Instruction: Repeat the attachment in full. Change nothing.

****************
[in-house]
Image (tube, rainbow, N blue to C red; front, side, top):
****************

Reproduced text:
[in-house]
Image (tube, rainbow, N blue to C red; front, side, top):